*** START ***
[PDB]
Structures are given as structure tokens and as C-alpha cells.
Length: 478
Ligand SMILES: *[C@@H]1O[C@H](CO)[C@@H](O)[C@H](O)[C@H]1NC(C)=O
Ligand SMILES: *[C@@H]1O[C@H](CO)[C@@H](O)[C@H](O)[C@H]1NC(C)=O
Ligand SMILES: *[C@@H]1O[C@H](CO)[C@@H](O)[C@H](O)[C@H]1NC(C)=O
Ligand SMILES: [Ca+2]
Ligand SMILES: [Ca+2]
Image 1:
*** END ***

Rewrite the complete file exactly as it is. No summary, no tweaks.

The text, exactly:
[PDB]
Structures are given as structure tokens and as C-alpha cells.
Length: 478
Ligand SMILES: *[C@@H]1O[C@H](CO)[C@@H](O)[C@H](O)[C@H]1NC(C)=O
Ligand SMILES: *[C@@H]1O[C@H](CO)[C@@H](O)[C@H](O)[C@H]1NC(C)=O
Ligand SMILES: *[C@@H]1O[C@H](CO)[C@@H](O)[C@H](O)[C@H]1NC(C)=O
Ligand SMILES: [Ca+2]
Ligand SMILES: [Ca+2]
Image 1: